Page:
Live Nation and Ticketmaster Merge: What does it mean for Broadway? Nation has been on a tear over the past few years, shaking things up first with music deals (like Madonna’s), second with announcing that they were going to sever ties with Ticketmaster and create their own ticketing service, and third, this week they reversed that previous announcement and said they were merging with that ticketing warhorse, creating arguably the most powerful company in live entertainment marketing and production.

While I’m always fearful whenever competition falls away, I’m also a big believer in bringing systems “in-house” to allow other ancillary forms of revenue to offset costs of production (do you know how many more Broadway productions would recoup if they were able to reap some of the benefits of ticketing fees, concession fees, etc. . . . and more shows recouping, would mean more people investing, which would mean more productions that could take more artistic risk).

Live Nation is primarily a Producer, and I’ve gotta believe that they will tackle the revamping of the ticketing industry from that perspective, rather than the former TM perspective which was to make as much money for the ticketing transaction as possible.

So, I’m bullish that the merger could be good.

What does this mean for the Nederlander Broadway houses that currently use Ticketmaster?

Do I expect service fees to drop?  Not likely.  But I do expect the customer service experience (and the website) to improve (LN has already committed to a more transparent ticketing fee structure with no “nibbling” fees for print-at-home tickets, etc. that get tacked on at the end of transactions.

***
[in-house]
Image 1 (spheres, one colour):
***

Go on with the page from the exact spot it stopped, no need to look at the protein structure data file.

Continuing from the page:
There is one thing that does make me nervous.  One of the other things that Live Nation did over the past few years to shake things up . . . was sell off their Broadway biz.

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Only 5 more days to enter the Broadway Fantasy Virtual Investment Game, WILL IT RECOUP?


Cry-Baby opened last night. So, did HE like it?

Only one way to find out:

Talkin’ Broadway stops them from Talkin’.

The infamous and original broadway web chatter site,, issued a statement recently, letting all their chatterazi know that they no longer will publish “reviews/reports of dress rehearsals/gypsy run-throughs.”

They’ve got good intentions here.  But they’re making a mistake.  As I learned from social media guru, Warren Ackeman at Affinitive, the more you tighten the reins on your online audience, the more likely those reins are going to break.  Does TB really think their passionate peeps won’t find another place to chat?  They’re gonna scurry to find one fast.  Like roaches when you turn on the light.

I’m sure there are producers all over town celebrating Talking Bway’s new policy.  But that just means they’re not confident in what’s gonna be on that stage.

You can’t produce with fear about what people are going to say, no matter who they are or what sites they visit or when they come.

And, remember, if your show is fantastic, you’ll WANT those people talking about your show as early as you can get them.

So Talkin’ Broadway, thanks for trying to protect us from the bullies.  But don’t worry, we can take care of ourselves.